Alarm Box: Steps you can take to reduce fire season risk

    The 1987 fire season provided my first education about fire. For those of you who were living here then, you will remember that there was a late season dry lightning event, on Aug. 30 to be exact, that ignited hundreds of fires in southern Oregon, burned thousands of acres, and created smoky skies that caused the cancellation of daily double football practice. The 1987 fire season started out as the third year of below normal precipitation, and the word “drought” was used regularly. It remains the latest-ending fire season on record with a mid-November end, and the second longest overall.

    There is no fire season on which to compare this year’s conditions, given the anomaly of normal precipitation and minimal snow pack. But we do know that, as we get to the later part of summer, our fire danger is anticipated to be high and extreme as normal, and the drought conditions will not help.

    As I consider the current conditions and recount 1987, I think of the age-old question I’m asked this time of year by citizens and media alike: Will this be a bad fire season? In my earlier years, I thought it was great to try to predict it; however, a few years ago, I decided that my tongue-in-cheek response is really more accurate: Ask me in October.

    While we have no control on the weather impacts, there are several things that you can do to help reduce potential catastrophes of this fire season. The majority of fires in southern Oregon are caused by humans, not lighting. So here’s my summer wish/tip list for us all:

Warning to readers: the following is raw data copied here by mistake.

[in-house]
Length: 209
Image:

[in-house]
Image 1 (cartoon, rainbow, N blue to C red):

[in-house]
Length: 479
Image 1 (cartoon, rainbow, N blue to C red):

· Cutting your weeds and grass may seem like a pain, but when it dries out it will create an intense fire if not maintained. Believe it or not, making sure the weeds and grass are cut will help to minimize the damage a fire causes. Short grass does not burn as aggressively or rapidly and gives firefighters a chance to stop the fire from spreading.

    · There is still time to reduce the fuels around your home. Implement a Firewise landscape around your home and invite your neighbors to participate as well (go to for more information).

    · Keep barbecues away from combustibles like weeds, houses and wood decks.

    · Place used charcoal briquettes in a metal bucket and put water on them. Do NOT put them in a paper bag next to the house.

    · Free standing, wood burning, outdoor fire pits are permitted in Ashland ONLY if they have a solid, non-removable top with side openings to load the wood. Chiminea style fire pits are permitted if they have a spark arrestor on the chimney. These requirements are in effect throughout the year; however, none are permitted to be used once we reach high fire danger. 

    · As fire season heats up (literally), time restrictions will be implemented on the use of power equipment that can start fires, including mowing dry grass, chainsaws, welding and cutting metal. Know and follow the restrictions. They are based on times when a fire is more likely to start given the temperature and humidity. 

    Do your part, and remind your neighbors to do their share to keep our community free of fires this summer. Find out more about all of these things on our website at

    Margueritte Hickman is a division chief/fire marshal with Ashland Fire & Rescue. Email her at The Alarm Box, a column with local public safety information written by Ashland Fire & Rescue personnel, appears triweekly in the Tidings.

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